Astigmatic (album)

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Astigmatic
Krzysztof Komeda - Astigmatic.jpg
Studio album by
Released1966 (1966)
RecordedDecember 5–7, 1965
StudioWarsaw Philharmonic
GenreAvant-garde jazz, post-bop
Length45:10
LabelMuza
ProducerWojciech Piętowski
Krzysztof Komeda chronology
Jazz Jamboree '64 vol. 2
(1964)
Astigmatic
(1966)
Le Depart
(1966)

Astigmatic is a studio album by Polish jazz pianist and composer Krzysztof Komeda. It is often considered to be Komeda's masterpiece as well as one of the greatest albums of both Polish and European jazz.[1][2][3]

Composition[edit]

Astigmatic consists of three long tracks, all written by Komeda. "Kattorna" (meaning "female cats" in Swedish[1]) is based on a motif from Komeda's soundtrack for a movie of the same name directed by Henning Carlsen.[4] "Svantetic" is dedicated to Svante Foerster, a Swedish poet who was a friend of Komeda.[5]

The music combines many disparate elements, including modal playing, free jazz-inspired improvisation, precise forms, tone clusters, aleatoric structures and avant-garde use of timbre and articulation, while imbuing them with individual expression and a sense of dramatic lyricism that's been compared to late Romantic music.[2][6]

Reception and legacy[edit]

Richard Cook and Brian Morton name it as "one of the finest jazz albums ever made in Europe" and include it among the 1001 best jazz records in their book The Penguin Jazz Guide.[3] Critic Stuart Nicholson wrote that it "has become a bellwether for European jazz, with critics pointing to how this album marked a shift away from the dominant American approach with the emergence of a specific European aesthetic".[7] Manfred Eicher, the founder of ECM Records, described it as a milestone in the history of jazz.[8]

Writing about the 2016 reissue, FACT Magazine author Mikey IQ Jones stated that "Komeda's compositions and arrangements are beautiful and complex, and it's the rare epochal album whose power is still potent from the first listen through to its thousandth".[9]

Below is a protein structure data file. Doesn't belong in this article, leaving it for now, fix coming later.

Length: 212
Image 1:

The compositions from Astigmatic have been repeatedly reinterpreted by Polish jazz musicians, including Urszula Dudziak, Michał Urbaniak and Tomasz Stańko.[2] The title of the album Asthmatic by Polish free jazz band Miłość is an ironic reference to Astigmatic.[10]

Track listing[edit]

All tracks composed by Krzysztof Komeda.[2][11]

Side A
No.TitleLength
1."Astigmatic"22:50
Side B
No.TitleLength
2."Kattorna"7:20
3."Svantetic"15:50

Personnel[edit]

Komeda Quintet[edit]

Additional personnel[edit]

References[edit]

  1. ^ a b "KRZYSZTOF KOMEDA – "Astigmatic"" (in Polish). Retrieved July 20, 2016.
  2. ^ a b c d ""Astigmatic" – Krzysztof Komeda Quintet" (in Polish). Retrieved July 20, 2016.
  3. ^ a b Morton, Brian; Richard Cook (2010) [1992]. The Penguin Jazz Guide: The History of the Music in the 1001 Best Albums. The Penguin Guide to Jazz (10th ed.). New York: Penguin. ISBN 978-0-14-104831-4.
  4. ^ Liner notes by Andrzej Schmidt for Astigmatic (Power Bros 00125)
  5. ^ Nicholson, Stuart (November 2008). "Krzysztof Komeda: The Lost Leader". Jazz Forum. Retrieved July 21, 2016.
  6. ^ Original liner notes by Adam Sławiński
  7. ^ "Krzysztof Komeda – What the critics say". Retrieved July 22, 2016.
  8. ^ Subbotko, Donata. "Żółty mustang Krzysia – wywiad z żoną Krzysztofa Komedy". Retrieved July 20, 2016.
  9. ^ "Delia Derbyshire, Larry Levan and Tony Conrad: The month's best reissues and retrospectives". Retrieved July 22, 2016.
  10. ^ Rerak, Sebastian (2012). Chłepcąc ciekły hel – Historia yassu. Gdynia: AKuKu Sztuka. p. 272. ISBN 978-83-925374-1-0.
  11. ^ "Astigmatic Polish Jazz Vol. 5 | Tomasz Stańko". Retrieved July 20, 2016.
  12. ^ "Astigmatic | Jazz Forum". Retrieved July 20, 2016.